Oh, and I have the freedom of speech that allows me to criticize your silly ideas.
I’ll fight for a person’s right to speak so long as that person will, in return, fight to allow me to challenge their opinions and ridicule them as the content of their ideas merit.
Local Christian admits to excluding atheists in society July 20, 2009Posted by shaunphilly in religion, atheism, polyamory, culture.
Tags: Constitution, discrimination, Doug Billings, Jefferson, law, minority, separation of church and state
I ran into this article from a local Philadelphia writer today. I must say that I was a bit flabbergasted by it. What a disgusting piece of writing this was. So full of hate, misinformation, and lack of compassion and love that I thought it was written by his straw-man atheist.
Let’s see where he starts:
Here we go again – another new political building and another new lawsuit brought about by atheists without anything better to do. Is being an atheist really so boring that for fun they spend thousands of dollars on frivolous lawsuits just to get their name(s) in the paper? How dreadfully pitiful. One almost feels sorry for them.
If you don’t know what he’s talking about, it is the issue of the lawsuit concerning the carving of the phrases “In God we trust” and “One nation under God” on the visitor center at the capital. And right, we are just doing it because we are bored. We are so lonesome and desperate for attention that we have to mess with him and his ilk. We are so pathetic.
Oh, right. They are the ones that are spending thousands of dollars to engrave their phrases on the building which we object to for legitimate reasons. I’ll get to that. But first, let’s see what our loving and compassionate Christian friend has to say further along in his article:
Did you know that “In God We Trust” is the official motto of the United States? It is.
This is correct. However, it has not always been so. The phrase did not appear on our money until 1864, and the motto was changed to this in 1956 in an act of Congress. It was not right to do then, and it is still not right. This is an issue of concern for atheists for two reasons; one is that it keeps on being used as an example of why atheists can be treated like second-class citizens. The other is that it excludes us in the first place. It is divisive of our citizens to have something official that does not represent all of us.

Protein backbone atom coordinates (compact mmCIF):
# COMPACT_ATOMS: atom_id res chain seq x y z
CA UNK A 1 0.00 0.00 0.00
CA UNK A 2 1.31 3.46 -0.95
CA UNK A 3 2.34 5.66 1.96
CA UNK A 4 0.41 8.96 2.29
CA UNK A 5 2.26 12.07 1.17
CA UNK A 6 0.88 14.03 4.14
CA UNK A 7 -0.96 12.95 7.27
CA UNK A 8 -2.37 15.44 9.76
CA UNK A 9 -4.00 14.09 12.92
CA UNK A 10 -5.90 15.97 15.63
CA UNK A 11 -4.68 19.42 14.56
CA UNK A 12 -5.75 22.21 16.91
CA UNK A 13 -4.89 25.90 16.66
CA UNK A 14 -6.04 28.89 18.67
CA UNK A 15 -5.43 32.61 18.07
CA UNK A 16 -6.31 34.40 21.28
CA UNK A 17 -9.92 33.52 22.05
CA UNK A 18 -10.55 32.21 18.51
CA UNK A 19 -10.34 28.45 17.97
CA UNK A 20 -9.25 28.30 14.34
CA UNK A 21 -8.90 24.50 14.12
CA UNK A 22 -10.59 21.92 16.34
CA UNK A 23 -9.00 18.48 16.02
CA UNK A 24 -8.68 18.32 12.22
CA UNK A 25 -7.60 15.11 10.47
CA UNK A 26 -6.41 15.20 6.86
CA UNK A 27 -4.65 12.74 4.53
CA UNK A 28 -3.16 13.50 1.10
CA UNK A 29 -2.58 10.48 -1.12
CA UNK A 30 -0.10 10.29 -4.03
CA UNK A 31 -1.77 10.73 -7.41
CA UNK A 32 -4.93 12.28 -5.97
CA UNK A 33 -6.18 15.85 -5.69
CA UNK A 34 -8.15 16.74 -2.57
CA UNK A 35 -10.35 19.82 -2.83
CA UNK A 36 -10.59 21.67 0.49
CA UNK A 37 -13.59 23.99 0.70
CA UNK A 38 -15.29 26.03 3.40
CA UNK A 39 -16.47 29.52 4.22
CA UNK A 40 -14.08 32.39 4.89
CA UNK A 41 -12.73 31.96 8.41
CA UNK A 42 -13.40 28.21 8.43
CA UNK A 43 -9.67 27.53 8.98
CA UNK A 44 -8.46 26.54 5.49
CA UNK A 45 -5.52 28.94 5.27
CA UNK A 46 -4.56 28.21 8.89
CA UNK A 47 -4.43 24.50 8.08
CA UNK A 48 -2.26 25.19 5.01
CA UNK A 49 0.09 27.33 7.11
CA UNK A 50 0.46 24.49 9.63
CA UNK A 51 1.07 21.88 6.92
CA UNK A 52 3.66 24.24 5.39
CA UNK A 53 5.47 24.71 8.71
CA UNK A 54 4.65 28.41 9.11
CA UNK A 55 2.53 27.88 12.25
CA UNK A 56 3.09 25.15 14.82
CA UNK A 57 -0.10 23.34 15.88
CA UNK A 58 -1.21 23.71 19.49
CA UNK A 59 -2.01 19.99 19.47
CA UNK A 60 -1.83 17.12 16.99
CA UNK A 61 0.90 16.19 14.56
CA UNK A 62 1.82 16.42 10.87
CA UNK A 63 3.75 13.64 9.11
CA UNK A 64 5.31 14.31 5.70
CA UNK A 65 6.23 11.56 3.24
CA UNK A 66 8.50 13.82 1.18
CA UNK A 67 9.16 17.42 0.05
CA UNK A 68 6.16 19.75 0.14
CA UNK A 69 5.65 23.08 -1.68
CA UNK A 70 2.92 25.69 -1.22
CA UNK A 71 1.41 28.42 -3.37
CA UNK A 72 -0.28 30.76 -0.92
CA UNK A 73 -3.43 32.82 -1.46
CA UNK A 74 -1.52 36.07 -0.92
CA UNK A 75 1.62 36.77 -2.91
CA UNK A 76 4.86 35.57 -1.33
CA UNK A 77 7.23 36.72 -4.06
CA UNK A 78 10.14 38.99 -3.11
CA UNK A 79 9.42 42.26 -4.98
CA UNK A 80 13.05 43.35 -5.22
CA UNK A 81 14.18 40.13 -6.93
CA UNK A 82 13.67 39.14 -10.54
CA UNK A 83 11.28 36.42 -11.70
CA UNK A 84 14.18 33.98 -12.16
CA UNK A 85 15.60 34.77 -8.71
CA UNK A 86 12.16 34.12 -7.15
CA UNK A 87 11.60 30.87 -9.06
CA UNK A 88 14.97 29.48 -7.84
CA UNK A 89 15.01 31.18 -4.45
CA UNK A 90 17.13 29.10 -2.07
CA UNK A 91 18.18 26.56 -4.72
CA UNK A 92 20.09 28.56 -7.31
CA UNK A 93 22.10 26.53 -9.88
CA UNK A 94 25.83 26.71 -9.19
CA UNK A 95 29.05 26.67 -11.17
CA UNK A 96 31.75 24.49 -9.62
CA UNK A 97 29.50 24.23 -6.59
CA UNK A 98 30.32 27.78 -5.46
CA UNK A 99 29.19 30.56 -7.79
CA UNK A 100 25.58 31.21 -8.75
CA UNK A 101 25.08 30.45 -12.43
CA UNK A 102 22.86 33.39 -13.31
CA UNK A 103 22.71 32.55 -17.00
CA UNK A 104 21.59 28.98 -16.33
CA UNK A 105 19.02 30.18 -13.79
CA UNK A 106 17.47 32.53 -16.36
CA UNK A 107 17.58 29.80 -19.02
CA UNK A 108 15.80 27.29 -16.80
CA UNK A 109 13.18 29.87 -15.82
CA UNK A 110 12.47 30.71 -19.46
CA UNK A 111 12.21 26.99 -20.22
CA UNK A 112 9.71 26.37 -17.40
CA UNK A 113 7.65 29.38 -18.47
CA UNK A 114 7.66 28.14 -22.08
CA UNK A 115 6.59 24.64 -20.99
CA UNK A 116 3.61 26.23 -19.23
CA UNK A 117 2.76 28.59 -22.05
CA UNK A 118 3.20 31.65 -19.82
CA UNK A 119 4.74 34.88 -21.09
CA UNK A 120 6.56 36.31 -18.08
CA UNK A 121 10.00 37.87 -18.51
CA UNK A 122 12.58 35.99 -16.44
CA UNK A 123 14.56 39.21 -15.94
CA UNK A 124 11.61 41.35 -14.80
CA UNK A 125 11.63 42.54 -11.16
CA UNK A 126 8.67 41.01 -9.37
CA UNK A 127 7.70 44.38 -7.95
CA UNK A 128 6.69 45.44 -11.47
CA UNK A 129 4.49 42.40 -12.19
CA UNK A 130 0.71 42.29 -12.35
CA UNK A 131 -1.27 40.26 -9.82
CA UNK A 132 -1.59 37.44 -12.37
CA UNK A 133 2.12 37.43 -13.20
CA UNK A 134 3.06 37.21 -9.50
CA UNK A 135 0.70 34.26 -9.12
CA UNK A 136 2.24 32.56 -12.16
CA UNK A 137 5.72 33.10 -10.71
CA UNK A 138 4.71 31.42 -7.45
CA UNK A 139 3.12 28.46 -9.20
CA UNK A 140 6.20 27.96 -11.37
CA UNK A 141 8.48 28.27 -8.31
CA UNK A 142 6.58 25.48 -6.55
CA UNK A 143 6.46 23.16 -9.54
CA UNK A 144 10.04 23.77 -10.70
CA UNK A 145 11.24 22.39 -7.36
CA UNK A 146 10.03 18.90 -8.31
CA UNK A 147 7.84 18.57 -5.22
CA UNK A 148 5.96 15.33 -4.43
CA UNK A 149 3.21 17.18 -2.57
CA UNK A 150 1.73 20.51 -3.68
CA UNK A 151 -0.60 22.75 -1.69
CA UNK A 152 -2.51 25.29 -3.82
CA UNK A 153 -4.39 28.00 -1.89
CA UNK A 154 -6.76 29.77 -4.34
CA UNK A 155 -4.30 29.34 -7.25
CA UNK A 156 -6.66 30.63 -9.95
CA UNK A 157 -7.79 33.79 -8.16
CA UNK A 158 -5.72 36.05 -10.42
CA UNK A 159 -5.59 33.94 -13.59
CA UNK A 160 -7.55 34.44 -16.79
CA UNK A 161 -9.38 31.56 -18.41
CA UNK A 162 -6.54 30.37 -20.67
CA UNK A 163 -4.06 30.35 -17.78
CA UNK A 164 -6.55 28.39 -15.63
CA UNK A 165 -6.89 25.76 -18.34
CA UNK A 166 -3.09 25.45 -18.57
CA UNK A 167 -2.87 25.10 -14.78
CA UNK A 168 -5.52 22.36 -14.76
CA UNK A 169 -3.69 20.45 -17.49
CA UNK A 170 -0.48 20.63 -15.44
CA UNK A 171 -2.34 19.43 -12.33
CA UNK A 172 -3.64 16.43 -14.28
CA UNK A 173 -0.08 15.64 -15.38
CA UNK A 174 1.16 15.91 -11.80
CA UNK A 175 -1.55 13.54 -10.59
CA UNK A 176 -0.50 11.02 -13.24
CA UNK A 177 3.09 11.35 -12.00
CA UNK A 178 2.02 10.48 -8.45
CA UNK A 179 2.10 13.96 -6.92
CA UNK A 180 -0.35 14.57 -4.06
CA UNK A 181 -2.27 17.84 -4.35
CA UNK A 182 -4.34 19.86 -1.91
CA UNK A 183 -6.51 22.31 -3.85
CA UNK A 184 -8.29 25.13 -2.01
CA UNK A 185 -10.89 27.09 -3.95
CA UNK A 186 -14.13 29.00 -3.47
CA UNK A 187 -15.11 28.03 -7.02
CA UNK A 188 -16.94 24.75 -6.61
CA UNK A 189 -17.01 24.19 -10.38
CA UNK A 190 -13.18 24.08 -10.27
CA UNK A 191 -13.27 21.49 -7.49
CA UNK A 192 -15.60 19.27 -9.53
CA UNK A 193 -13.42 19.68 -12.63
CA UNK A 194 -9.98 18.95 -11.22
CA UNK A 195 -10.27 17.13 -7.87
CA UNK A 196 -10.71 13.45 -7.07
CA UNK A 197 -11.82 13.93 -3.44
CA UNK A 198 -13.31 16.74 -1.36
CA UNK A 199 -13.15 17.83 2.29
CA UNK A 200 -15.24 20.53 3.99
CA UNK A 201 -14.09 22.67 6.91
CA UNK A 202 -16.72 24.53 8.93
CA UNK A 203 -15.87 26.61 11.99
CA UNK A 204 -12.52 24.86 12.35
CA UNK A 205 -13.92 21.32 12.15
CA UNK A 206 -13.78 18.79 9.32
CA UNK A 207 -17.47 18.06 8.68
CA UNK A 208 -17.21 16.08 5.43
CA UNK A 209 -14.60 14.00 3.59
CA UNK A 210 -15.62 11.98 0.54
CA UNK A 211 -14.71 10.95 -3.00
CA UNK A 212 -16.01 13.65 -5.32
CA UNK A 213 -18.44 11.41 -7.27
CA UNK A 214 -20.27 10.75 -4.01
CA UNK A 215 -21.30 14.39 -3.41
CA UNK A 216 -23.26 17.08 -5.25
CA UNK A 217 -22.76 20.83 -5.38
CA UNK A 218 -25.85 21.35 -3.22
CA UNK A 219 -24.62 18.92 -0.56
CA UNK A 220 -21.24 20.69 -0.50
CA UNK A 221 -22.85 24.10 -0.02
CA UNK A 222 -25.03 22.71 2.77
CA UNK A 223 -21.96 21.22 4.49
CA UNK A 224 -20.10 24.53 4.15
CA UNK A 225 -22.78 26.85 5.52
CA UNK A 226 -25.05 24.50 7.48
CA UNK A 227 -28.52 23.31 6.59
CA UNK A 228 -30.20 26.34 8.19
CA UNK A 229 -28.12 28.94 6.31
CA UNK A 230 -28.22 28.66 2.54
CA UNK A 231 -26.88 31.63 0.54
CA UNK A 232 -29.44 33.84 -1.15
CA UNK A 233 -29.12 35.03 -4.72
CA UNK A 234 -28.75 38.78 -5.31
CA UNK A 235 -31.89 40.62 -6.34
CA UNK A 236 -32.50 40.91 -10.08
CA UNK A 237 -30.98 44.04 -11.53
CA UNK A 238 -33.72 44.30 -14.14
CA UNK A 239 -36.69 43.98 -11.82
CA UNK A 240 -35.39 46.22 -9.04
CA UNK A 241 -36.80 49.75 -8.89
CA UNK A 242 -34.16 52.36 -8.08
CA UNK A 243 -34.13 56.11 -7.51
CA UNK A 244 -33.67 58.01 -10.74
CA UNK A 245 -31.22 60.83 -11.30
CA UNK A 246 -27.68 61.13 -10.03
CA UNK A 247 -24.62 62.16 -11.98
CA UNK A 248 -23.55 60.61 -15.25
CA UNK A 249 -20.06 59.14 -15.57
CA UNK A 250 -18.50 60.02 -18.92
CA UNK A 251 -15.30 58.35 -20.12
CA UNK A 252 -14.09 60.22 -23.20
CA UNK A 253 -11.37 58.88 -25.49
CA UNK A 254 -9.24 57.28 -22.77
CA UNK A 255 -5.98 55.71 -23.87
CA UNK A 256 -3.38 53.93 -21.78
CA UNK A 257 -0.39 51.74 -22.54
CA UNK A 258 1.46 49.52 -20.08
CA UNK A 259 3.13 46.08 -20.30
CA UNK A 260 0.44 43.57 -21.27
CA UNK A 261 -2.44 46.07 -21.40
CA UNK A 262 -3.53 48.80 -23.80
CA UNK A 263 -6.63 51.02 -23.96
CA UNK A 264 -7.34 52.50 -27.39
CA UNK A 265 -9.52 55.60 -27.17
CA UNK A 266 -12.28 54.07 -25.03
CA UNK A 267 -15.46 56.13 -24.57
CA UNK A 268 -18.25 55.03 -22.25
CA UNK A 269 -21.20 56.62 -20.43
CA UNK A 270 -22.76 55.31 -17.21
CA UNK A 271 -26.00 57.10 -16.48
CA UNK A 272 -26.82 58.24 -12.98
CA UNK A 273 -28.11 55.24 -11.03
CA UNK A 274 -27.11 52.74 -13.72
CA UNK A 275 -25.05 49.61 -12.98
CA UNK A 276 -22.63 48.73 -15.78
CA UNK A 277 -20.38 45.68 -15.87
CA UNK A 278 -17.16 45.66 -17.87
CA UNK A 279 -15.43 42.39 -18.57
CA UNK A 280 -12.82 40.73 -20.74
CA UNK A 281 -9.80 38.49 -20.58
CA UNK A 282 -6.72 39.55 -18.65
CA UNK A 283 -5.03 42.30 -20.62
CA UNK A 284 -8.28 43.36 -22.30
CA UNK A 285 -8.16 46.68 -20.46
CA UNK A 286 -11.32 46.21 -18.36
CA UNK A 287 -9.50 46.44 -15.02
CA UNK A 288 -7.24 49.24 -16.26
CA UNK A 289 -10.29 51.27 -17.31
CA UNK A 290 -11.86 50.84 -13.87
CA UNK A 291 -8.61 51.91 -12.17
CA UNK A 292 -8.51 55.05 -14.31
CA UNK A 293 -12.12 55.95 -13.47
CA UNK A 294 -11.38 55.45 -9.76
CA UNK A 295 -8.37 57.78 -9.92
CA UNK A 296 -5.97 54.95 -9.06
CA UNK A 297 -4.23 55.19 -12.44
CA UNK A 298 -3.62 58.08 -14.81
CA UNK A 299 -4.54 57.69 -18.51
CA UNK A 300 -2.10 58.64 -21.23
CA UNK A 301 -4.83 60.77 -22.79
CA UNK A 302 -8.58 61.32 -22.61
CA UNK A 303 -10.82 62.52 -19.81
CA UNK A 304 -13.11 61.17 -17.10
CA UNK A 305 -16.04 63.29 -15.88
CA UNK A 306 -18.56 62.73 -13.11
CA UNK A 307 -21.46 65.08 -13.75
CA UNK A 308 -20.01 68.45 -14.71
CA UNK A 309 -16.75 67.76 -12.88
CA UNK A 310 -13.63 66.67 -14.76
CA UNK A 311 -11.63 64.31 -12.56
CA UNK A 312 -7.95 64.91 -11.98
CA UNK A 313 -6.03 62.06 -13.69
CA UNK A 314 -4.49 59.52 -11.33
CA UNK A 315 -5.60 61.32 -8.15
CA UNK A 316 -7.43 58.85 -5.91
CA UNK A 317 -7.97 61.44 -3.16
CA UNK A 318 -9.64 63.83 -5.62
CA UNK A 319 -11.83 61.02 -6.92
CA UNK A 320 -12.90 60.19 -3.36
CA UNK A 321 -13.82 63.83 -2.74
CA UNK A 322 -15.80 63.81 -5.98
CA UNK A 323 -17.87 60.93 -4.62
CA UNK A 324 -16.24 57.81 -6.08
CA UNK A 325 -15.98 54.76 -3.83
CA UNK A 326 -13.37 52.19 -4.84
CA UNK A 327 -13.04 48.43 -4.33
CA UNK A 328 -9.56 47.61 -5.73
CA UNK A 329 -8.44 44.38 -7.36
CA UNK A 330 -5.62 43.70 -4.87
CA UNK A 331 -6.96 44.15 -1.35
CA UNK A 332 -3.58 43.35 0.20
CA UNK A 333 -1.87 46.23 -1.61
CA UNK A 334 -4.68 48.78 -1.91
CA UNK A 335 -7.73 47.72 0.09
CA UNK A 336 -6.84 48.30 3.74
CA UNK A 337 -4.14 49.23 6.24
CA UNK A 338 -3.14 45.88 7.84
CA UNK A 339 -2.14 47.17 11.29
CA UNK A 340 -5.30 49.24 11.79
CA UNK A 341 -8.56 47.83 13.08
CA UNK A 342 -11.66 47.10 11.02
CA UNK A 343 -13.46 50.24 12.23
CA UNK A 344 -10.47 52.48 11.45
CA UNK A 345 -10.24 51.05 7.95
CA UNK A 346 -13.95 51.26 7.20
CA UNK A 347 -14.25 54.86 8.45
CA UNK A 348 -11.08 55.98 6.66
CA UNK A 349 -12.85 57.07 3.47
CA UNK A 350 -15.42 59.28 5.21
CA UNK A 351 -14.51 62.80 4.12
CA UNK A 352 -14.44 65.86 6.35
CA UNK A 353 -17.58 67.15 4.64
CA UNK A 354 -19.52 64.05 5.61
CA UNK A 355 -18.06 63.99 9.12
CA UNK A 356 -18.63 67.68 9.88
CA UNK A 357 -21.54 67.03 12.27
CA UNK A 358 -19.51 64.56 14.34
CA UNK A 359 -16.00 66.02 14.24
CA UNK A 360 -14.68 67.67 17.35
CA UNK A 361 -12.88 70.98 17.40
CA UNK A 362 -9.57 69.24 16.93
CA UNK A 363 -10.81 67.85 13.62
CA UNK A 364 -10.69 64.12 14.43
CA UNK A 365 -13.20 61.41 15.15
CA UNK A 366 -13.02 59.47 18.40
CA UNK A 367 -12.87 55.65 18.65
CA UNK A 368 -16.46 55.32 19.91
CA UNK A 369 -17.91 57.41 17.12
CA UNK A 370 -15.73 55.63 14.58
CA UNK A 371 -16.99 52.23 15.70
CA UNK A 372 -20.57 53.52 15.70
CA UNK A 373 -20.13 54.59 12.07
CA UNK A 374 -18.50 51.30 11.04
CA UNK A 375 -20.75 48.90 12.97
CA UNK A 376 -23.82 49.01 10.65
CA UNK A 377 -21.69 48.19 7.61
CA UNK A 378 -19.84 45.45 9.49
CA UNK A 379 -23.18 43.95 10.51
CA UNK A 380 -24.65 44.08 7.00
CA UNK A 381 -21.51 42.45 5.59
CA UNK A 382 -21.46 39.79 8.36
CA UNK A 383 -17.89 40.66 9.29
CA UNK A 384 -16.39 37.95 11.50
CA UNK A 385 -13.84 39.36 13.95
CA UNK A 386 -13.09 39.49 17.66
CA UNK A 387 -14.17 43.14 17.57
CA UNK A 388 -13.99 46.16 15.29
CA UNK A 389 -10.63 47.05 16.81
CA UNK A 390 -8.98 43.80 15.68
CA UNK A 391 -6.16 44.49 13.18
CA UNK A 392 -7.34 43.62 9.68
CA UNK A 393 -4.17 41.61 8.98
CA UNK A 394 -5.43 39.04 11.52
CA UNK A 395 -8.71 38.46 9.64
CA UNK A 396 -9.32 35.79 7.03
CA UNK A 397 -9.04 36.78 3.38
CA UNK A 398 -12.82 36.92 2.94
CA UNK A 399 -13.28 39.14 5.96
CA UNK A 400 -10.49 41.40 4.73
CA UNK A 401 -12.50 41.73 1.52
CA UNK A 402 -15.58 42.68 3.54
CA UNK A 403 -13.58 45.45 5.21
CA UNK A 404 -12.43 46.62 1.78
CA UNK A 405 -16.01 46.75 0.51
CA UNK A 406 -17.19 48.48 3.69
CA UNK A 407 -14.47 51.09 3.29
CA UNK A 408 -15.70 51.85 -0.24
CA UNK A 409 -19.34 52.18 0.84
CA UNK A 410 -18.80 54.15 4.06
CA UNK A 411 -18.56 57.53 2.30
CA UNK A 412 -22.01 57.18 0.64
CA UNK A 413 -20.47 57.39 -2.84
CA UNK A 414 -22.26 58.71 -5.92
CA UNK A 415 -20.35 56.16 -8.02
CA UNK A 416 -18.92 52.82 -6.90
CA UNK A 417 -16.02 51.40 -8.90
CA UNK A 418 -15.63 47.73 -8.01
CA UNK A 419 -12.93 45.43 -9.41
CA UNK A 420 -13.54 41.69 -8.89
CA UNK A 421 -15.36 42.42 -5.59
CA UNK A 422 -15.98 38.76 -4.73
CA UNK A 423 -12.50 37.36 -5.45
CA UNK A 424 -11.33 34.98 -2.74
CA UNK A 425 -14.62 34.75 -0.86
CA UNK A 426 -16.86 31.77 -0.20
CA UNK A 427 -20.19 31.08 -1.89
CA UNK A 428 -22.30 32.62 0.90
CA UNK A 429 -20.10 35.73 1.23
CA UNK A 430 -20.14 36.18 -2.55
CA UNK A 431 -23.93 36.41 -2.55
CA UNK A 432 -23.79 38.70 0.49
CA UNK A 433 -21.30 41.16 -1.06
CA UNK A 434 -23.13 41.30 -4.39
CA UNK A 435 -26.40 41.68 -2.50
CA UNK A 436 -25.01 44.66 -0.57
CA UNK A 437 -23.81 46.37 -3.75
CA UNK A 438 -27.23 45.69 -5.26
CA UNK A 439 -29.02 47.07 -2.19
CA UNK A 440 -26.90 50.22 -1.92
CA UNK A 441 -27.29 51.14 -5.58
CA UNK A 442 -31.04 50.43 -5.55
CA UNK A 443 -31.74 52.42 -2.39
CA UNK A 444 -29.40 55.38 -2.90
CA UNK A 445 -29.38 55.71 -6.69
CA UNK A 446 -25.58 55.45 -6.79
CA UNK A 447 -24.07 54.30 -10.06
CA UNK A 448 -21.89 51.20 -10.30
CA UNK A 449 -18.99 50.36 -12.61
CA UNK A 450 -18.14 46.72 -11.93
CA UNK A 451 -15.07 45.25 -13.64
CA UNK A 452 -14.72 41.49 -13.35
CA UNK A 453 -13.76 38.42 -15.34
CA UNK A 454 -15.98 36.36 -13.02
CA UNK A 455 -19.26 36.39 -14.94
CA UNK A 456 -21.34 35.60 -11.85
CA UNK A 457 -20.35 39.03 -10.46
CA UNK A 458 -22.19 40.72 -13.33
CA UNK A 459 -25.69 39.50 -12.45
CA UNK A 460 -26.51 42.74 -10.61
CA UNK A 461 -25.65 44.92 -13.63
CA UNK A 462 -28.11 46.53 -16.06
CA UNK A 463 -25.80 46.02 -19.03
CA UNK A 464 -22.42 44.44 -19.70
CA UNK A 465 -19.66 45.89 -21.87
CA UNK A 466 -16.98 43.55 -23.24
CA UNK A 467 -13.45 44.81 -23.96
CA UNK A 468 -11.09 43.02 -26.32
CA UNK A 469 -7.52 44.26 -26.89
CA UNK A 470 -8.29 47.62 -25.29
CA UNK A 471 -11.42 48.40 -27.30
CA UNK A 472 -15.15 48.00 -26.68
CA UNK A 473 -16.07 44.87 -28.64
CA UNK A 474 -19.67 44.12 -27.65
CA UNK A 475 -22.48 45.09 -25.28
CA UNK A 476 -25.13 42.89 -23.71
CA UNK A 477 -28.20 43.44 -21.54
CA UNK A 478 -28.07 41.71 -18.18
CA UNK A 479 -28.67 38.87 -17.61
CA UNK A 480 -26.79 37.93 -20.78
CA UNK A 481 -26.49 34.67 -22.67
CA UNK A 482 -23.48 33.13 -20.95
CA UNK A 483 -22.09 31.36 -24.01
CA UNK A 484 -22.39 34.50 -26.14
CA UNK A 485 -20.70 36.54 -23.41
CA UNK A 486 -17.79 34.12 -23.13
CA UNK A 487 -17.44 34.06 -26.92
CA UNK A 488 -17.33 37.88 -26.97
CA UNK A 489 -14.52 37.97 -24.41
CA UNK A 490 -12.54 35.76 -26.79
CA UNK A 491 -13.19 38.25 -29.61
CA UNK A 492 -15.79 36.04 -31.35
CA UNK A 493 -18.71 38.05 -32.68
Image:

Oh wait, our loving Christian friend does not care about that:
First of all you’re correct that the engravings will exclude you. This is the intent. We want you excluded. Keeping idiocy out of the mainstream is a healthy goal.
Um…hmm. I don’t know what to say to that. He admits to wanting to exclude us. Man, that really sounds like dislike, at very least. Idiocy? Why are atheists idiots? Isn’t that the cultural debate we are having now? Has the government sided with you officially? When did this happen? And even if we were idiots, doesn’t the constitution protect our rights anyway? I mean, even if there were clearly a god (there isn’t clearly a god), our rights as citizens are protected nonetheless.
Let me quote the holy Gospel according to the United Constitution:
The Senators and Representatives before mentioned, and the Members of the several State Legislatures, and all executive and judicial Officers, both of the United States and of the several States, shall be bound by Oath or Affirmation, to support this Constitution; but no religious test shall ever be required as a qualification to any office or public trust under the United States.
And then the Gospel according to Matthew (22:21):
Render unto Caesar the things which are Caesar’s, and unto God the things that are God’s
Ah, yes, this is indeed a Christian nation. All that debate during the writing of the Constitution in this very city of Philadelphia, where many times a proposition to include Jesus in the document were rejected. Jefferson’s idea of the wall between church and state, as he described in his letter to the Danbury Baptist church, indicate this:
Believing with you that religion is a matter which lies solely between Man & his God, that he owes account to none other for his faith or his worship, that the legitimate powers of government reach actions only, & not opinions, I contemplate with sovereign reverence that act of the whole American people which declared that their legislature should “make no law respecting an establishment of religion, or prohibiting the free exercise thereof,” thus building a wall of separation between Church & State.
What does our esteemed Christian Life examiner have to say about such things?
Because of the glorious and unique foundation of Christian principles, precepts and beliefs this country rests upon and due to the indelible imprint the founding fathers gave us by using them in our constitution and declaration of independence, these kinds of engravings and inscriptions will never be eliminated from our government.